Guardians of the Galaxy Vol 2 review: How does it impact Infinity War?

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What worked?

To be frank, damn near everything.

Instead of backing down, Guardians of the Galaxy Vol 2 doubled down on everything that made the first film so fun, ambitious, and original.

All our favorites are back, and a newcomer in Mantis, with character arcs and new development that, amazingly enough, outpace those of most of the traditional heroes represented in The Avengers.

Space Lord is funnier than ever, more clever, more human and relatable in a world of the bizarre. Drax is still the most unintentionally funny character in the history of film. Rocket is the selfish rogue with a heart of gold that Han Solo only wishes he could be. Gamora and Nebula, still suffering under the shadow of Thanos, have grown large in their own right, into the most fascinating, compelling female characters seen yet in the MCU.

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Beyond that, Kurt Russel is sublime (as he usually is) as Ego, with an energy and screen presence that capably balances the motley cast and their diverse styles.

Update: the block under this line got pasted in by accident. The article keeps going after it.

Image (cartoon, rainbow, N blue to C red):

Micahel Rooker’s Yondu is better than ever–given depth and some of the best lines of the franchise. He absolutely kills a performance that requires him leaving you in stitches for 80% of the movie and then bringing you to tears in the final stanza.

Apart from the human aspects, the film is visually exhilarating, inventive from a cinematographic perspective, perfectly paced, and tight as a drum from a story and plot perspective. It is the rarest of things, the sequel that actually improves on the original. It brags an unusual distinction among Marvel movies, being arguably the funniest film and the one with the most affecting emotional moment when Peter Quill’s battle with his omnipotent father takes an unexpected, tragic turn, leading to a final resolution that is nothing short of stunning.

It is, simply put, a good frickin’ movie, and I don’t really mean frickin’.